Microsoft has just released the “Consumer Preview” of Windows 8, the latest iteration in a long line of <generally> successful operating systems for the PC. Before getting into the nuts and bolts (as far as the everyday PC user is concerned), it is important to note a few potential pros and cons which stand out pretty much straight away. This newest OS is not just “new” nor is it just “an improvement”; moreover, it is very nearly what Microsoft describes as a “re-imagination” of the PC operating system. Much of what is being introduced into Windows 8 is not actually brand new, but new to the Windows OS; the newest Mac OS has similar attributes as do smartphones and tablets. Now let’s have a look at what Windows 8 has in store for current and future PC users because it is likely to shape into what the norm will be.
Can you say touch? Well let’s think, yes Windows 7 has that capability so – can you say touch-centric? Not just touching a screen to activate something but actually interacting with that screen in ways that are very much akin to what many people already know as standard interaction with their smartphones and other devices. Drag and drop becomes swoop and place or slide and oops! (at least until one becomes familiar with this new GUI). Maybe that’s funny in a way but it is also a very good improvement once you realize that with Windows 8 nearly the same effect and experience can be achieved with a mouse when using a standard (non-touch) monitor. Microsoft aims to bring the PC experience to a new level with Windows 8 and the aforementioned part of it is impressive; so unless it gets broken, Windows 8 will likely draw a very enthusiastic following.
So if I start this with the positive, from where will the negative come? Perhaps debatable at this point because Windows 8 is still in Beta (it will change before being sold) but can you say social media? Facebook and MSN messenger became automatically integrated and part of the “Start Screen” that Windows 8 displays in place of what had been the “Start Menu” in the past. Since an email address is required for the Windows 8 download and I naturally used the one that is associated with TechNet, MSN, and Facebook… VIOLA … auto-seamless integration. Is that a good thing or a bad thing? Does it amount to commandeering personal information or is it just a natural progression? Perhaps a little of both so perhaps it all depends on a person’s own opinion and perspective.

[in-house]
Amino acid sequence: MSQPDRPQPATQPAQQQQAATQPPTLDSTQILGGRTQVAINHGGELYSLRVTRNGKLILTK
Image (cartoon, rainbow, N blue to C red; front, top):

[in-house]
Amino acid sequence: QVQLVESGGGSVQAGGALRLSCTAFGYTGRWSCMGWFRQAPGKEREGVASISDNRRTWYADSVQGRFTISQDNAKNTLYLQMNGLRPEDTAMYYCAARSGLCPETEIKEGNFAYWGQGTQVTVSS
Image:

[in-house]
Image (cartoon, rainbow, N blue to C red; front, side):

Along the same lines as above, with Windows 8 Programs have basically been “superseded” by Apps, which most of us will likely associate with things other than their PC operating system (smartphone, etc.) and it appears that one can only get Apps for Windows 8 directly through the Microsoft store. Fact of the matter is that a program = an application to begin with so it becomes a matter of semantics and social media “jargon” which again leads to the thought that (possibly excepting the store) this could be just a natural progression. Will that store be the only place to get programs to be used with Windows 8 in the future? Testing continues and updates will be posted here on a regular basis.
How Windows 8 functions overall is different than what people are accustomed to but the learning curve should not be difficult. If you want to try it out now you certainly can do so but I highly recommend a few precautionary measures beyond the normal BACKUP YOUR FILES!! First remember that you cannot easily go back to what had been used previously and although it can be done it’s likely far better to use a secondary machine about which you have less concern. Keep your current primary system right where it is – leave it alone. If you have the disk space and want to do it you can create a partition and have a dual boot setup (mine is now a triple boot with Windows 7, Ubuntu, and Windows 8) but have a look at the video below and judge for yourself if you really want to try it now at all.
If you seriously do wish to try it, you can get Windows 8 (Consumer Preview) HERE.
Windows 8 Has since been released